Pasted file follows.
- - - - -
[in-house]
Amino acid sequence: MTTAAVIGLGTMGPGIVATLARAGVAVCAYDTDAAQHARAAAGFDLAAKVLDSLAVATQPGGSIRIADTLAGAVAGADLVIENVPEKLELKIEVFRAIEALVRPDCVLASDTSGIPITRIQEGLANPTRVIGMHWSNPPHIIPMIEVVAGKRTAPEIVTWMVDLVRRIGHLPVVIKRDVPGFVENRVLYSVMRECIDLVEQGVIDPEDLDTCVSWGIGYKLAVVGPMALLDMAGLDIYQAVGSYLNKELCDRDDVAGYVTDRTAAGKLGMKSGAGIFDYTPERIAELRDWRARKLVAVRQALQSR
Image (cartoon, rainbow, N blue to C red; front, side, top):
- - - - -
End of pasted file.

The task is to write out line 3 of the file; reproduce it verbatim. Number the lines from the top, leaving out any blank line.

Image (cartoon, rainbow, N blue to C red; front, side, top):